The invasion of greed into the quantum level of reality through nuclear energy has now completely exploded. In a world of interdependence and interconnectedness, no amount of prosperity can insulate us from nuclear fallout. We are all in it together; we all live in Japan now.

Traumatized Japan is not a victim. Japan has been jolted awake. Japan is challenged to take the lead and overthrow greed, and align itself with needed change: a new world order in balance with nature. Can we all take that lead, see reality and become a people of knowledge?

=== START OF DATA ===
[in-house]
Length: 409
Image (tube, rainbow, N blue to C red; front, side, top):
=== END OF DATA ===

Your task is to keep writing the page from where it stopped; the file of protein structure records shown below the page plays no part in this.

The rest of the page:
Can we align our actions, policies and intent with what the seers of ancient Mexico call direct knowledge, or the Taoists call the Way: right action based on truth? This is our challenge: Truth or Consequences?

Citizen of the new world,

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#697 Chuck’s Place: Independent Action

In the last year of his life, Carl Jung took on the project of expressing his core ideas and discoveries at a level comprehensible by the general public in his final book Man and his symbols. Ten days before his fatal illness, he completed his chapter to this work, which includes chapters written by his closest associates. In what were perhaps some of Jung’s final written words, he states: